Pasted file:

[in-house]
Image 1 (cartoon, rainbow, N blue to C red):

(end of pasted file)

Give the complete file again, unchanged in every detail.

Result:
[in-house]
Image 1 (cartoon, rainbow, N blue to C red):